Q – Do you have any more information on the 50% participation requirement that small businesses need to comply with? A client wants to know how the health reform is impacting this rule.
A – PPACA has nothing to do with the participation requirement – this is a carrier requirement and the carriers can continue to require at least 50% participation. However, in 2014, if the group has more than 50 ees, there may be a penalty to the employer if an employee seeks coverage in the Exchange instead of through the employers plan.
Q – Under last week’s Q & A regarding the mandate for coverage in 2014, why would the employer be penalized if the employee was able to obtain coverage from the exchange – the employee is covered per the mandate?
A – If the employee purchases through the Exchange and gets a tax credit or cost-sharing subsidy, the employer’s plan may be deemed “unaffordable” and the employer is penalized for each employee getting a tax credit or subsidy through the exchange.
Q – Can you clarify the “carve out” penalties and when they will become effective for “grandfathered” and “non-grandfathered” health plans?
A – If a plan fails the highly compensated test for plan years beginning after September 23, 2010, the penalty is $100 per day per incident. This does NOT apply to grandfathered plans.
Premium Tax/Tax Credit
Q – If the employer pays 100% or 50% of the employee premium, under the new bill is the employee now being taxed on the premium the employer is paying?
A – No.
Q – How does a non-profit implement the tax credit? They have done the preliminary 3 step and have determined they would benefit but since they don’t pay taxes, how do they get their money?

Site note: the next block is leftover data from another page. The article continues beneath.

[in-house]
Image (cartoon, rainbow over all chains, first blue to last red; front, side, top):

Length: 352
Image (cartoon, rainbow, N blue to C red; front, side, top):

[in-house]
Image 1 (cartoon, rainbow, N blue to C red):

A – It will actually be part of their 2010 tax return when they file.
Q – I have a small group consisting of 2 corporate officers/owners with no other employees. If they meet the salary limitations would they be eligible for the tax credit? I can determine that owners are not included in the calculation, but I’m unclear on whether the business is still eligible to receive the tax credit?
A – The tax credit is for employer contributions paid on behalf of employees, so since there are no non-owner employees, I would presume NO. Unfortunately, until the instructions for 8941 are released, the definition of who is considered an employee for purposes of the credit is unknown. The draft of 8941 has been released, but the instructions and final version aren’t expected until later this year.
Q – Can a small group have different waiting periods for different classes?
A – Yes, but if the plan is not grandfathered each waiting period must be tested for compliance with 105(h).
Doug Gulleson loves to scuba dive overseas and makes sure he has his US health care and overseas health care, www.gninsurance.com , information with him at all times when he travels Keep our blog close by you, www.gntravelinsurance.com, for continual updates on the changes with the US health care system.